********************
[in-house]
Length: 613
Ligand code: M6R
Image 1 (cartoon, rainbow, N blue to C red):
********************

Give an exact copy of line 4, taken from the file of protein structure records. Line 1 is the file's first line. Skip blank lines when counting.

Image 1 (cartoon, rainbow, N blue to C red):